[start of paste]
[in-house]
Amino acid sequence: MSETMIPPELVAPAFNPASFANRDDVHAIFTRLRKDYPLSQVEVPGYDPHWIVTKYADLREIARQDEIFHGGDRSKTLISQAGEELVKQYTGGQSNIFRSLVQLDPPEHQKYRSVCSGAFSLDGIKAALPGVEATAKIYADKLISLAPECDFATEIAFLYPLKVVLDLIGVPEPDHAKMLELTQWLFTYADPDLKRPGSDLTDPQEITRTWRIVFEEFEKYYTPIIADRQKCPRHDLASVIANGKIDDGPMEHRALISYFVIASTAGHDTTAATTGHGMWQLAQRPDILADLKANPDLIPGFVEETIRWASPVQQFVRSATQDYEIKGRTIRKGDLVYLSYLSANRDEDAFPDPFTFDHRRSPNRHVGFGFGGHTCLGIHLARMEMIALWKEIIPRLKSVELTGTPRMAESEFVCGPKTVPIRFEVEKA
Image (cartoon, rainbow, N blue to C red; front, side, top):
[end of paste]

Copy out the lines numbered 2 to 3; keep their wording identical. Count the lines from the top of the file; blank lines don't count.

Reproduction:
Amino acid sequence: MSETMIPPELVAPAFNPASFANRDDVHAIFTRLRKDYPLSQVEVPGYDPHWIVTKYADLREIARQDEIFHGGDRSKTLISQAGEELVKQYTGGQSNIFRSLVQLDPPEHQKYRSVCSGAFSLDGIKAALPGVEATAKIYADKLISLAPECDFATEIAFLYPLKVVLDLIGVPEPDHAKMLELTQWLFTYADPDLKRPGSDLTDPQEITRTWRIVFEEFEKYYTPIIADRQKCPRHDLASVIANGKIDDGPMEHRALISYFVIASTAGHDTTAATTGHGMWQLAQRPDILADLKANPDLIPGFVEETIRWASPVQQFVRSATQDYEIKGRTIRKGDLVYLSYLSANRDEDAFPDPFTFDHRRSPNRHVGFGFGGHTCLGIHLARMEMIALWKEIIPRLKSVELTGTPRMAESEFVCGPKTVPIRFEVEKA
Image (cartoon, rainbow, N blue to C red; front, side, top):